The forest industry's contribution to the domestic gross national product and the number of people employed directly and indirectly by forestry are large, and forestry research efforts and support should be large to maintain them. When the National Forest system. Bureau of Land Management, and the National Park Service are considered, an even stronger case is made for the importance of forestry research to our nation. Given the high cost of modern research in biotechnology, genomics, and ecosystems, the need for adequate support of forestry research is even greater.
Chapters 2, 3, and 4 of this report provide recommendations for addressing deficiencies in scientific and fiscal resources needed to secure our nation's future forestry-research capacity. The recommendations encompass university, government, and industry. Implementing some of the recommendations might require new federal funding, which is often difficult to obtain. The search for new funding will continue, but lasting change might occur best through reshaping and development of important new models and systems to generate the dollars for research. Federal, state, and local law and regulatory changes could be made to encourage investment in forest research.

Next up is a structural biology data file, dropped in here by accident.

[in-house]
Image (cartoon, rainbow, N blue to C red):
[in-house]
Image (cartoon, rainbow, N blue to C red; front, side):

Models such as cooperative university, industry, and federal research appear to be functioning well and should be considered ( Box 5–1). For any such models to function three things conditions are necessary: stakeholders must agree that there is a need, there must be an equitable system to secure the required funds; and there must be a defined process to set priorities and allocate the funds.
Box 5–1 Northwest Stand Management Cooperative(SMC)
The mission of the Northwest Stand Management Cooperative (SMC) is to provide a continuing source of high quality information on the long-term effects of silvicultural treatments on stand and tree growth and development and on wood and product quality. The SMC is composed of 19 forest industry members; six state, provincial, and federal agencies; three suppliers; and four universities. The Policy Committee, composed of dues-paying members, controls policy and establishes goals with the aid of the Technical Advisory Committee in silviculture, nutrition, wood quality, and modeling.
The SMC annual budget over the last five years has ranged from $0.9 to $1.1 million; 60 percent comes from member dues, 20 percent from grants and contracts, and 20 percent from institutional members in the form of salaries, facilities, and administrative support. The SMC database represents 435 installations containing 4427 plots, with data on a quarter-million trees in Washington, Oregon, and British Columbia. SMC is headquartered at the College of Forest Resources, University of Washington, which provides administration and staffing.